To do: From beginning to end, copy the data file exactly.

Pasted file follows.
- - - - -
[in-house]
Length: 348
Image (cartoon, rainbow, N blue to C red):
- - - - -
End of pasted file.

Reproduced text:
[in-house]
Length: 348
Image (cartoon, rainbow, N blue to C red):